SYRACUSE, N.Y. -- No matter how much you hear about it, you can never be prepared for tragedy to strike so close to home.
Dr. Jaclyn Schildkraut has dedicated her life to researching mass shootings. She's a South Florida native who's now a professor at SUNY Oswego.
The mass shooting at the Florida high school was just a few miles away from her childhood home, and even she is having a hard time coping.
"I never thought it could happen in my own community, just like everyone else doesn't think it could happen in theirs," Schildkrout said.
Marjory Stoneman Douglas High is the school she would have attended, if she didn't get accepted into a magnet school, and Schildkrout knows one of the people who was shot and injured in the rampage.
"My stepmother, one of her former students was there and was injured in the attack, I'm not sure to what extent," she said.
Schildkrout says the student was found at a nearby hospital after family members tracked his phone. He's now stable, but she says everyone in her community is deeply troubled, so she's been trying to help.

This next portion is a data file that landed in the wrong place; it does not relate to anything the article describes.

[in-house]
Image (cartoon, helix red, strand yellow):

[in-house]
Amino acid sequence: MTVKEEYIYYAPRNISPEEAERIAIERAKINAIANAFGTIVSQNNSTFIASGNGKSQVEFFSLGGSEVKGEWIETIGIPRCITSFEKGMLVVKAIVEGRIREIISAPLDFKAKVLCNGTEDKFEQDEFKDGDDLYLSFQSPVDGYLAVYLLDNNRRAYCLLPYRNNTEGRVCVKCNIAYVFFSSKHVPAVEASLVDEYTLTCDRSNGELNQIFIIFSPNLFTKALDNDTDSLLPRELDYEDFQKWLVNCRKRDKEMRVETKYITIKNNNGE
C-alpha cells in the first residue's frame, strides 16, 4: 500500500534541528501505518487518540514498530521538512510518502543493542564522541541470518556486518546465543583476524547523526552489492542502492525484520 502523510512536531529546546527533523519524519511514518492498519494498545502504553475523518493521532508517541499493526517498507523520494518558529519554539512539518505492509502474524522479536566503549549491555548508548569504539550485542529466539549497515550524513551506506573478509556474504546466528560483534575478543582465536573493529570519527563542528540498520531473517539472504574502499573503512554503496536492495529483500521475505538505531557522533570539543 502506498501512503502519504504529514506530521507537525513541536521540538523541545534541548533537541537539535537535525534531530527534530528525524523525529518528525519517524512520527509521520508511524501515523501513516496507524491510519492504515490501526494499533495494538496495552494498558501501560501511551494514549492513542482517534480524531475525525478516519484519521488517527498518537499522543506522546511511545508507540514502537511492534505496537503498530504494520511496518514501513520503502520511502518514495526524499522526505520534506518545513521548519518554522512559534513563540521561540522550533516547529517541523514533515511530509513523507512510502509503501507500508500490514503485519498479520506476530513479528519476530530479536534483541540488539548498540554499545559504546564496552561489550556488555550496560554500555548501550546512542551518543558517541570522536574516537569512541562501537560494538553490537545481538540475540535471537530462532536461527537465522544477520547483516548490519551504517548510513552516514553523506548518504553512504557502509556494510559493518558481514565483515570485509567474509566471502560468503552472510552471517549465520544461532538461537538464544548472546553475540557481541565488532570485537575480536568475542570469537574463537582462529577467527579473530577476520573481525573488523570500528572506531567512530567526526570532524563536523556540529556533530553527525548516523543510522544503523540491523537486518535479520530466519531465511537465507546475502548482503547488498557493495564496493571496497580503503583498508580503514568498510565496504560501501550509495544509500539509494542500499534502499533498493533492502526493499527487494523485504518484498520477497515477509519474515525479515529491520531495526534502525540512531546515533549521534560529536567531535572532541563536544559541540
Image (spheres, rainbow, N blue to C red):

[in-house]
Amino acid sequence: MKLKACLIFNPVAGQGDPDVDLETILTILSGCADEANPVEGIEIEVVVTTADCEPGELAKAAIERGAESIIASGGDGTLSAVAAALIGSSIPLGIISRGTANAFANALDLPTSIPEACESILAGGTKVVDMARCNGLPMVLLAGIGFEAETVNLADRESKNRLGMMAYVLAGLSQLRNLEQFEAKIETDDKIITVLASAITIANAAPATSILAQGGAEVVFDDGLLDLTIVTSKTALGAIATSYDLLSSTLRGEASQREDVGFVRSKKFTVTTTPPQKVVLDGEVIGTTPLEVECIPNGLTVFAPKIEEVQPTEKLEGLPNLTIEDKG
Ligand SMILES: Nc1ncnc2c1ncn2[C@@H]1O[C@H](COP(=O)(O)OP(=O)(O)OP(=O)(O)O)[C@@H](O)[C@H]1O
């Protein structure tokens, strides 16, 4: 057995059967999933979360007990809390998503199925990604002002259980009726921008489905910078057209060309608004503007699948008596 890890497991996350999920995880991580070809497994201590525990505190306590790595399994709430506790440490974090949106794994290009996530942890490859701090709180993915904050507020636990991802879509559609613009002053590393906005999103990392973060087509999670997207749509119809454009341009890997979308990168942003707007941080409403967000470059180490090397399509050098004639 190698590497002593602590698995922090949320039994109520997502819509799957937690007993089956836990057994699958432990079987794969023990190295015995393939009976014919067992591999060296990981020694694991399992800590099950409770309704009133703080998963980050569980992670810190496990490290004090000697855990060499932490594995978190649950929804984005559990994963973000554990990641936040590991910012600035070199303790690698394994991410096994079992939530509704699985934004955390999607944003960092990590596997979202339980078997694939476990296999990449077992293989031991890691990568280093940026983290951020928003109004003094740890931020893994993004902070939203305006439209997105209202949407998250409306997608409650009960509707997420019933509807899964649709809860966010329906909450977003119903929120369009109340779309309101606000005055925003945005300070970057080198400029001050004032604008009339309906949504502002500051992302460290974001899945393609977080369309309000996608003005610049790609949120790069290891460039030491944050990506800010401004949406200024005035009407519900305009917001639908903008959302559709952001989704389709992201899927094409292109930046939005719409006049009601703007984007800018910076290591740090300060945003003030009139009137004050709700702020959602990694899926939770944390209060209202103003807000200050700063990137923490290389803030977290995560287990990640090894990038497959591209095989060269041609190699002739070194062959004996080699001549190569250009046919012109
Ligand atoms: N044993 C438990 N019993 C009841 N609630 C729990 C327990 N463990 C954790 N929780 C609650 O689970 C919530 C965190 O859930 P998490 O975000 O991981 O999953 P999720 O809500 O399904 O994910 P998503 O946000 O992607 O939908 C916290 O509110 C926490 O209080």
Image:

"It was really about reaching out to people, seeing how I could help them, and how I could support them, and sort of working through my own grieving, and shock, and trauma," she explained.
Schildkraut adds she's had friends at other mass shootings in Orlando and Las Vegas. None of them were hurt, but now this is just more pain to carry.
"When something like this happens and you have connections, and multiple personal connections, it opens wounds and it reopens wounds," Schildkrout said.
Her biggest fear is that this will all be forgotten with time.
"If there's anything that I hope comes from this shooting, I hope that's it's that we take these threats seriously and we change our thinking," she said.